Vice President Mike Pence will preside over a ceremony on August 29 to officially stand up the new U.S. Space Command (USSPACECOM). On that day, 87 units will be reassigned to it and a new relationship will be established between DOD and the National Reconnaissance Office (NRO) where NRO will take direction from USSPACECOM to defend its satellites if conflict extends into space.

Speaking at the sixth public meeting of the National Space Council yesterday, Acting Director of National Intelligence (DNI) Joseph Maguire and Chairman of the Joint Chiefs of Staff Gen. Joseph Dunford Jr., explained these steps, which emerged from President Trump’s Space Policy Directive-4 (SPD-4).

NRO is one of the 17 agencies that comprise the Intelligence Community (IC), overseen by the DNI.  It designs, builds and operates the nation’s spy satellites and has a very close relationship with DOD, especially the Air Force, but is separate from it.

Maguire, whose tenure as Acting DNI began just last week, noted that “for years there have been debates about how NRO and military space organizations can be better integrated.”

One step taken in September 2015 to facilitate information sharing between DOD and NRO was creation of the Joint Interagency Combined Space Operations Center (JICSpOC) under U.S. Strategic Command (USSTRATCOM). JICSpOC was renamed the National Space Defense Center (NSDC) in 2017 to better describe its purpose.

In January 2018, NSDC transitioned into a round-the-clock “operations center focused on protecting and defending the space domain” according to an Air Force press release quoting Gen. John (Jay) Raymond at the time.  Raymond was Commander of Air Force Space Command and still is.

Much has happened since then.  The Trump Administration decided to reestablish a unified combatant command for space, USSPACECOM, and has proposed creation of a sixth military service, U.S. Space Force, as part of the Air Force.  Congress must approve creation of the Space Force and appears likely to do so although the House and Senate still must reconcile their different approaches in the final version of the FY2020 National Defense Authorization Act (NDAA).

The military services “organize, train, and equip,” while combatant commands fight wars. Military officials insist there are no “space wars,” only terrestrial wars that could extend into space. They hope that does not happen, but need to be prepared.

This is actually the second iteration of U.S. Space Command.  The first was created in 1985, but abolished in 2002 after the September 11, 2001 terrorist attacks led to a restructuring of U.S. combatant commands.

That all changes on August 29 when the new USSPACECOM is officially established.  Raymond was confirmed by the Senate as Commander of USSPACECOM on June 27, and he will continue to lead Air Force Space Command as well.  Dunford said yesterday that Raymond’s mission will focus on “missile warning, satellite operations, space control and space support.”

Joseph Maguire, Acting Director of National Intelligence, speaking to the National Space Council, August 20, 2019. Screengrab.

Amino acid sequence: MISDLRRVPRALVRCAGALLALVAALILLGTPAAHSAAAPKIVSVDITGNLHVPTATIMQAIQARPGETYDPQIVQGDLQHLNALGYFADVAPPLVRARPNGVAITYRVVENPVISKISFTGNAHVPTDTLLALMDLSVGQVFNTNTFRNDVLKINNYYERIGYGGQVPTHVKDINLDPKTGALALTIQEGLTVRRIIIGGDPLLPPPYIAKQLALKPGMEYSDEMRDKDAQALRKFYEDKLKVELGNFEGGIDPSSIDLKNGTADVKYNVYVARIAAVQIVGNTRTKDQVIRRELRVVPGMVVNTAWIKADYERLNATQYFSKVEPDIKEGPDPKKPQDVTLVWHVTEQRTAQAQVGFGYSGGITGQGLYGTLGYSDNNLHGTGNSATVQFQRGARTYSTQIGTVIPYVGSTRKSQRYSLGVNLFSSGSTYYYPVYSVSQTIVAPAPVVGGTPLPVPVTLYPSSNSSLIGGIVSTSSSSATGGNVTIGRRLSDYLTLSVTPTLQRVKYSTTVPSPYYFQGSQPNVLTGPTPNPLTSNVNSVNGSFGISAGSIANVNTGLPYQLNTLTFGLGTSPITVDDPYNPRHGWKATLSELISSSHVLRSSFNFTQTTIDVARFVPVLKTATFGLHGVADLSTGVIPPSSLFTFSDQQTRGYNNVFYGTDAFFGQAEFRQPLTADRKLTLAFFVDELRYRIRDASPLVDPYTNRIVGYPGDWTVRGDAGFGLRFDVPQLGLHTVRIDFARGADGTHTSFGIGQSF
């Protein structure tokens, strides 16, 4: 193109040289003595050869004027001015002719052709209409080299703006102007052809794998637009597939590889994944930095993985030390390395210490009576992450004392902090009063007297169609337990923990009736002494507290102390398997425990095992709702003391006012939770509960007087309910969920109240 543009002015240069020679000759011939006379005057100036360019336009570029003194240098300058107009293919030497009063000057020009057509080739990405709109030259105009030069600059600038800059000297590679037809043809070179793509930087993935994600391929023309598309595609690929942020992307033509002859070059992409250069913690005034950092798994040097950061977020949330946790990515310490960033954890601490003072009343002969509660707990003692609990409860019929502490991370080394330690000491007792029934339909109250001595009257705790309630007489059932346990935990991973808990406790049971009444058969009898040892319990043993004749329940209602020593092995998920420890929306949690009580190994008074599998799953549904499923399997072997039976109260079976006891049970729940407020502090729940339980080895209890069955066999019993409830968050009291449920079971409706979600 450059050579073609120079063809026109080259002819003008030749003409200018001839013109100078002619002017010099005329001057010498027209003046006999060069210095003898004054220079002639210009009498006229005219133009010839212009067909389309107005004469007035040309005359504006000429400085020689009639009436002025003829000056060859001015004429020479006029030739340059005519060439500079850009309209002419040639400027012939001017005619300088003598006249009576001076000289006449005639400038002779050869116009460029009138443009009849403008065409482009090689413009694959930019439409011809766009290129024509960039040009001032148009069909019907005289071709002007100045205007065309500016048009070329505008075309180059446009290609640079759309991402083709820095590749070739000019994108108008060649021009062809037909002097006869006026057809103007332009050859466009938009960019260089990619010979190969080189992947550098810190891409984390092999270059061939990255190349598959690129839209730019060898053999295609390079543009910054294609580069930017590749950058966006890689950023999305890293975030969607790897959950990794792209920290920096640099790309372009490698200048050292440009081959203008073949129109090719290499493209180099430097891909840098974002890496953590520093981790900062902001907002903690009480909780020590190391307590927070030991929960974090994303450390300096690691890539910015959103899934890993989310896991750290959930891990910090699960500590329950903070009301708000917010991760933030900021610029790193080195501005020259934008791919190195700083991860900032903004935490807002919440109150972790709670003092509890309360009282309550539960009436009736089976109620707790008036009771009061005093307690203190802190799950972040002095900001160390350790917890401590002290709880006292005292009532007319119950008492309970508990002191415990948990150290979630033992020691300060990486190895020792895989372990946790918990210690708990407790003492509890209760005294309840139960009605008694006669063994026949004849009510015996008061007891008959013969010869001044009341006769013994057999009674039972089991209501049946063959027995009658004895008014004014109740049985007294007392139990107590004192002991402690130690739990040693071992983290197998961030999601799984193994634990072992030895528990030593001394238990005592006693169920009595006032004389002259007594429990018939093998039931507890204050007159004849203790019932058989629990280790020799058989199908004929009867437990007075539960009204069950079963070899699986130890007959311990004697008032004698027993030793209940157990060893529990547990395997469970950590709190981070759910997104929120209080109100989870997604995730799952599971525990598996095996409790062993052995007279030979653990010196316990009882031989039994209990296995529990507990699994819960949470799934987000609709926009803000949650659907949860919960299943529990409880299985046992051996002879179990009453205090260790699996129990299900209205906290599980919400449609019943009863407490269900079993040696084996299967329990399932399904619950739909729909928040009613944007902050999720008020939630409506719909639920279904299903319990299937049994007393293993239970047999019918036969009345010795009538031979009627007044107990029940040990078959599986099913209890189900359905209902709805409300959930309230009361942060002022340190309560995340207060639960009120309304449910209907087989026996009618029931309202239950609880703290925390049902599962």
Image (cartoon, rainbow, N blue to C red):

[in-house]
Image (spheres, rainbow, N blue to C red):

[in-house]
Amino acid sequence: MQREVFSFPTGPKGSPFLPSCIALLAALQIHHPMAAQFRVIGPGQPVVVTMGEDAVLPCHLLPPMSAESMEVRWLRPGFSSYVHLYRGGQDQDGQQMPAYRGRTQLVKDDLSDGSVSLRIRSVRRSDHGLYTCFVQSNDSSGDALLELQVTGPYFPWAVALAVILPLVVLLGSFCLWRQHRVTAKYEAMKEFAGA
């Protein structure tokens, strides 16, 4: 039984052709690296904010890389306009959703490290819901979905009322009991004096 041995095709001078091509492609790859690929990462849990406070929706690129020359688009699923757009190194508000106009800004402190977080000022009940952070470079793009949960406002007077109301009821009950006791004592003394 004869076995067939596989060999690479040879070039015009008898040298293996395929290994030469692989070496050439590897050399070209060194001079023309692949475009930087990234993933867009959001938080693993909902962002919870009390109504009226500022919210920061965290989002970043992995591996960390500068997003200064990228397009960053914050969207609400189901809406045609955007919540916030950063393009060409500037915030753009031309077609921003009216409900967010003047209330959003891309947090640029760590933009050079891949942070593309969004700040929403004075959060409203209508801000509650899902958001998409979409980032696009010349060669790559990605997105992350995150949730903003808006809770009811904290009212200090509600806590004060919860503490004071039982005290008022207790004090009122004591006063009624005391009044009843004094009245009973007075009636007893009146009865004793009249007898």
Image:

The big news yesterday, though, was Maguire’s announcement that the IC and DOD “have agreed to align U.S. Space Command and the NRO into a new unified defense concept of operations” at NSDC, which will become “the center of gravity for defending our vital interest in space.”

For the first time, there will be a unified structure that fully integrates Intelligence Community and Department of Defense space defense plans, authorities and capabilities to ensure seamless execution of space defense systems.  Furthermore, should conflict extend to space, the NRO will take direction from the Commander of U.S. Space Command and execute defensive operations based on a jointly developed playbook and informed by a series of exercises and war games.”  Joseph Maguire, Acting DNI

That “jointly developed playbook” will spell out the details of the relationship.  The meaning of “defensive space operations” could be as narrow as USSPACECOM telling NRO to move a satellite that is under threat to broad authority over NRO’s operations.

In an interview, Martin Faga, Director of NRO during the 1990-1991 Persian Gulf War — often dubbed the “first space war” because of the critical contributions made by satellites — pointed out that USSPACECOM will have little time to react to space threats so needs this type of authority.

“The most likely threats are from lasers, cyber, and jamming, which are difficult to foresee. Even an antisatellite attack against a LEO target provides just 8 minutes of warning.  You have to take defensive action in a moment.  And that’s the moment when U.S. Space Command is in charge.”  Former NRO Director Martin Faga

Faga sees the yet-to-be written playbook as the critical piece to set the boundaries of the new authority.

Like Raymond, Chris Scolese was confirmed by the Senate on June 27 as the new Director of NRO.  Scolese and Raymond actually had a joint confirmation hearing before the Senate Armed Services Committee earlier that month.  (The Senate Intelligence Committee also held a confirmation hearing for Scolese.)

Maguire noted that this new concept of operations is just one of more than 50 recommendations from a DOD/IC working group established pursuant direction in SPD-4, so more changes may be in the works.

Note: This article has been updated with the Faga interview.

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